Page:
About Farmer Gal's Market

Welcome to our sweet little online home! In real life our home is a sweet little farm in Minnesota. This blog is our place to share our simple day-to-day farm life, faith, family and fun!

Farmer Gal, Mr. Blue Eyes,
Miss Peaches, Little Blue Eyes and Short Stack!



Me: Genius

Not to overstate things, but I am.

I'm a genius.

Martha Stewart should have me on her show.

I am someone who does not do well when I'm surrounded by a lot of stuff. If it clutters my life, it clutters my brain. The older I get, the more I notice that this is true of me.

Our life is frittered away by detail... Simplify, simplify, simplify! ... Simplicity of life and elevation of purpose.

Can anyone tell me who I quoted this from?

And is anyone else craving an apple fritter, right now?

Anyhow, a few weeks ago, the toy situation was getting away from me, as you might gather from this photo:

I think I actually took this after I had already packed up two large totes of toys and banished them to storage in the basement. But notice a) the misuse of one tote and b) the three empty totes stacked in the background. At this point I had a plan, I just hadn't gotten quite there yet.

Today, I am happy to tell you, I'm there.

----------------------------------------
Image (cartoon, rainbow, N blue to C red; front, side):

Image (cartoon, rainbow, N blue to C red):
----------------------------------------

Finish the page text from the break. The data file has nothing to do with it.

Kind of.

There's still toys strewn about, but it's much more controlled.

My multi-tiered, scientific-method-using, flow-chart-applicable game plan was this:

  1. Pack up all the misfit toys (a.k.a. the ones the kids never played with but always seemed to be lying around) into the two large totes, mentioned above and banish them to the basement.
  2. Pick up the remaining toys into the four clear totes pictured. Except there's actually five.
  3. Establish and implement the following rule: Only one tote can be 'dumped out' (Miss Peaches' favorite mode of removal from the totes) at a time. If they want to play with the toys in a different tote, they must first pick up the toys that are currently 'dumped out' and put them away before we open a new one.

We also use the baskets in this shelf for miscellaneous odds and ends, books and puzzles...

Notice that my methods do not completely eliminate toys from being hither and thither, but they do cut down the mess quite a bit. And sometimes... Sometimes... I even convince Miss Peaches to 'dump out' the toys inside of the play yard and play with them in it, making it a snap to pick them up when she's done.

See? And look... She's smiling. She likes it.